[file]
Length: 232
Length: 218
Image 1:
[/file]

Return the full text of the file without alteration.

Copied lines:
Length: 232
Length: 218
Image 1: